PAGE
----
Upon our careful examination of the petition, construing it in the light most favorable to the defendant, we conclude that a claim for a new trial on the basis of “other reasonable cause” was sufficiently pleaded. There is no question that the plaintiff's filing of the request for production violated Practice Book § 13-9(e), which provides that “[t]he party serving such request or notice of requests for production shall not file it with the court.” Furthermore, although the primary thrust of the petition is centered on the claim that the filing of the request for production and accompanying inadmissible letter constituted a mispleading, the petition also alleges certain actions on the part of the plaintiff that go beyond the scope of a mispleading, including the allegation that the improper filing “was a blatant attempt to bias the court with respect to important issues in the trial.” The petition further alleges that the plaintiff's improper filing of the letter sought to take advantage of Judge Tierney's “well known reputation ․ for diligently reviewing the entire file in pending actions before [him]․” The reasonable inferences that can be drawn from this allegation are that Judge Tierney accidentally read the offending letter when reviewing the file, and that it influenced his dissolution judgment and accompanying financial orders. Accordingly, the allegations set forth in the petition and their accompanying implications, if proved, could support the granting of a new trial for “other reasonable cause.” See Davis v. Fracasso, 59 Conn.App. 291, 298, 756 A.2d 325 (2000) (“[o]ther reasonable cause includes every cause for which a court of equity could grant a new trial, such as, for example, fraud, accident and mistake” [internal quotation marks omitted] ). We conclude, therefore, that the court improperly granted the plaintiff's motion to strike the defendant's petition for failure to state a claim on which relief could be granted.15 The dissolution judgment is reversed only as to the erroneous orders concerning the parties' tangible personal property and the case is remanded for a new hearing on those orders. The dissolution judgment is affirmed in all other respects. The judgment on the petition for a new trial is reversed and the case is remanded for further proceedings according to law.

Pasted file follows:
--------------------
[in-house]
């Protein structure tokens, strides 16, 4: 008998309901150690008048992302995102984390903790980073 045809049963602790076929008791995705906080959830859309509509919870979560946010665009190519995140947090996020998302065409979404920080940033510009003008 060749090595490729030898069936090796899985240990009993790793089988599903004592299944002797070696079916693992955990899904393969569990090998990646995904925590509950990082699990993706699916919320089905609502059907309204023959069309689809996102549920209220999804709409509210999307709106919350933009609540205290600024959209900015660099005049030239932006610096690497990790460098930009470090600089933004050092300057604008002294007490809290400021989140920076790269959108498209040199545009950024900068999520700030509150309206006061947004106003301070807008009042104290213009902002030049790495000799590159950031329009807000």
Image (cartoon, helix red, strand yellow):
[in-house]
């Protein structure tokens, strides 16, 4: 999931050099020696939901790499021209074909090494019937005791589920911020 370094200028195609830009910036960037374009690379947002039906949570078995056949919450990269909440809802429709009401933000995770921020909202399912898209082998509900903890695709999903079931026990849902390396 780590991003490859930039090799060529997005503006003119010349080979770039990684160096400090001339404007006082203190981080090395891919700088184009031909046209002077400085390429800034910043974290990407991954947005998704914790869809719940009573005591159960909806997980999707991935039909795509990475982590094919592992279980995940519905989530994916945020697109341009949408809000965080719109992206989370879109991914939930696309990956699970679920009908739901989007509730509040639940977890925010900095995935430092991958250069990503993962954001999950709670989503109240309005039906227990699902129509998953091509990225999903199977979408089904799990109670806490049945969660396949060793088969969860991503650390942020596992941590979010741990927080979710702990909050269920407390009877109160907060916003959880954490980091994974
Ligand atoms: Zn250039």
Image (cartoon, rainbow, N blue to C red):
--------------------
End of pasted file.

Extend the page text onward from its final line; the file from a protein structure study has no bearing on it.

In this opinion the other judges concurred.